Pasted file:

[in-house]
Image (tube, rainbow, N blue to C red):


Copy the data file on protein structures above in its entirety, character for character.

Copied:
[in-house]
Image (tube, rainbow, N blue to C red):